def delete(root: Node, key: str) -> bool:
    "Eagerly delete the key from the trie rooted at `root`.
    Return whether the trie rooted at `root` is now empty.
    def _delete(node: Node, key: str, d: int) -> bool:
        """Clear the node corresponding to key[d], and delete the child key[d+1]
        if that subtrie is completely empty, and return whether `node` has been
        if d == len(key):
            node.value = None
            c = key[d]
            if c in node.children and _delete(node.children[c], key, d+1):
                del node.children[c]
        # Return whether the subtrie rooted at `node` is now completely empty
        return node.value is None and len(node.children) == 0

    return _delete(root, key, 0)

I cannot able to understand what is the purpose of 'd' here anyone please explain me in detail?

  • $\begingroup$ Have a look at the actual parameter in the two-parameter delete(), and at the tail-recursive one in _delete(). Note that while there are docstrings, you are left with above question: Write a better one, and/or find a better name for that parameter. $\endgroup$
    – greybeard
    Jun 21, 2021 at 14:00
  • $\begingroup$ We're not a coding site, so I'm not sure that asking us to reverse-engineer how code works is going to be the best fit here. $\endgroup$
    – D.W.
    Jun 21, 2021 at 22:07

1 Answer 1


d is the depth of the current node. In the Trie data structure, the first character is stored at the first level, and the second character is stored at the second level, etc. So, at depth d, we seek the node that matches the d-th character of the search string.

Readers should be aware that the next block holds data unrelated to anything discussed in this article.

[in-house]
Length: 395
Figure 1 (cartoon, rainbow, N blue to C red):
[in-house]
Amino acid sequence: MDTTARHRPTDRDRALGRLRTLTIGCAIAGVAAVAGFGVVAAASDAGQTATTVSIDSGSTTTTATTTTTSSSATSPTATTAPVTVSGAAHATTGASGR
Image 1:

Exposed delete(root, key) method calls inner delete(node, key, d) method, with d=0 and node=root. That is very meaningful since we are processing the first character of key and we are at depth 0.

Assuming key is not empty, code will continue with the else branch. c=key[0]. That is the first character of key. node.children is a dictionary with keys of characters and values of Nodes. node.children[c] is node.children[key[0]] at the first round: Take the node that holds first character of key.

Now, we should proceed with recursion: increase depth by one, which is the same as the index of the next character of the key. Use the currently retrieved node from node.children[c] as the current node.

The process continues until we exhaust the search string: key. That is mentioned on the basis of the recursion.

The return value, although not asked in the question, means: The processed node is now empty - it does not store any key by itself and it does not have any children. This is used in the upper level of recursion, to decide if we should delete the processed node or not.

  • $\begingroup$ Thank you so much! again, thank you so much! $\endgroup$
    – Adil Nehal
    Jun 23, 2021 at 11:37

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